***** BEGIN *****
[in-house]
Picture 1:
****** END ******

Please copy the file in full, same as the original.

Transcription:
[in-house]
Picture 1: